Almost anyone who owns a pet would consider it an important member of the family. For pet lovers, the thought of living without their beloved pooch or kitty can feel unbearable.
One thing before we move on: If you want to virtually guarantee that you can bring your pet to your rent to own home, you can get them certified as an emotional support animal. Click Here to get your official approval letter (checking if you qualify is 100% free).
However, moving as a habitual renter can be extra difficult as you try to find a property that allows pets, especially large dogs who are often put on a banned breed list.
Many sellers and landlords do not want to deal with the liability of potential attacks, property damage, or allergies later down the line so they opt to not allow pets at all, even small caged animals.
If you love your furry friend and have always dreamed of owning a home, a rent-to-own home could be the perfect solution for you.
By renting a home with an option to purchase later, you get all the benefits of living in a house without having to worry about making payments for 30 years.
Plus, you’ll have the chance to see how much you enjoy living in that specific neighborhood before making any kind of long-term commitment and have the benefits of having a furry friend by your side and securing a stable financial future for both of you.
Are Pets Typically Allowed in a Rent to Own Home?
Are pets allowed in a rent-to-own home? That is one question you have to ask yourself before you even begin looking. Like most rental agreements, it depends on the seller and the area.
There are many places that make it seem like they allow pets but there are a lot of restrictions you must understand and follow, like the amount you can have, a weight limit, or breed restrictions.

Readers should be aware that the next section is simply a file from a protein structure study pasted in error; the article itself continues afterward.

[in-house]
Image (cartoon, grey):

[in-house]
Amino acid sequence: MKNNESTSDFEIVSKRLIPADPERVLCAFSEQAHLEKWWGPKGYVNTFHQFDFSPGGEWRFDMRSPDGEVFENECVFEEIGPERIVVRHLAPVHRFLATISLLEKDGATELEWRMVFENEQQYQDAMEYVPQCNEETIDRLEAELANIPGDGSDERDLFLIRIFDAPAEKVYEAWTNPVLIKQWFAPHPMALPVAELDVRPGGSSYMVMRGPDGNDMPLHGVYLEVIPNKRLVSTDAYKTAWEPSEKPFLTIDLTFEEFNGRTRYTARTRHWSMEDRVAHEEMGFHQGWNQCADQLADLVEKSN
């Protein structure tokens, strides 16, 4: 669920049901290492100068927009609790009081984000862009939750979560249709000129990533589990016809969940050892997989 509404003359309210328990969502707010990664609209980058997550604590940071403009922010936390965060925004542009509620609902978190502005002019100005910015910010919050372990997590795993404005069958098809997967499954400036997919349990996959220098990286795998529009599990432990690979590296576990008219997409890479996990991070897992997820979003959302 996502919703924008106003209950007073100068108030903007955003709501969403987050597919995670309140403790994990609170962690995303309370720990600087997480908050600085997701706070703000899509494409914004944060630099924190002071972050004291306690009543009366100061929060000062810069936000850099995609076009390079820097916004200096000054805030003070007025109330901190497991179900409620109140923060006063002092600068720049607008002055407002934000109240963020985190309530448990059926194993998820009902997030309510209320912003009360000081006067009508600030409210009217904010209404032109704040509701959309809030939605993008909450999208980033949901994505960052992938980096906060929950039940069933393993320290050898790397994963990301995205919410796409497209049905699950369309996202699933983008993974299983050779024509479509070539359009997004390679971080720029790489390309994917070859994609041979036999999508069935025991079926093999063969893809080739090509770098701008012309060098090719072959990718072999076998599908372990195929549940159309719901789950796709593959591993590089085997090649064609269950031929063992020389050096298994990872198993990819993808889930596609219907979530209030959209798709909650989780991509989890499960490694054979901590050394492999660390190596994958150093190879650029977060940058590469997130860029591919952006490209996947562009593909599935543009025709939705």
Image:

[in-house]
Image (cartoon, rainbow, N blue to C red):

There are a few factors that can affect whether or not your landlord will allow pets in your house. First, consider whether or not pets are allowed on the property at all.
Many owners have strict rules about keeping animals out of their homes, and they may have special clauses written into their lease agreements to ensure that they don’t have to deal with any damage caused by pets (or even smells from pet waste).
If this is the case, it might not be worth pursuing that property because it would cause problems with your landlord.
Some landlords may only allow certain breeds or sizes of dogs, so it’s important to make sure that they will accept your pet before signing on the dotted line and avoid termination of the lease agreement when they come to inspect the property!
Another thing to consider is whether or not there’s an additional fee for having a pet in your rental agreement.
You may find that some landlords charge extra money per month or per year for each animal living inside their property.
This could also be a negotiation you can make if the seller is more reluctant to let the pet reside in the residence; offer a deposit or additional fee in the rent to offset any cost that could come with having your pet.
They’ll probably also want to see proof of vaccination records as well as references from previous landlords who have allowed pets in their properties before.
(Also: if you haven’t checked to see if you qualify for a rent to own home, don’t miss out. Click Here and find rent to own listings in your area.)
Where Do Emotional Support Animals Fit In?
You could also consider getting your pet certified as an Emotional Support Animal if such criteria apply to you.
Depending on the local and state laws, you may still be denied residence if you register your pet as an ESA, but in many areas, such denial is illegal.
Through Rent to Own Home Finder, we are connected with Certified Petz which offers two packages that connect you with a Licensed Mental Health Professional (LMHP) and will provide you with a prescription letter certifying that your animal qualifies as an ESA.
The bottom line is that it really depends on the terms of your lease.
There are no guarantees that you will be allowed to have a pet, but if you really want to find a home that lets you have one, be sure to read over your lease and discuss the issue with your landlord beforehand.
Do your research, talk with the seller and make sure you understand your rights and responsibilities.
Your rent-to-own home purchase may be a little bit more expensive, but the payoff for you and your pet will be worth all of the hassle in the long run.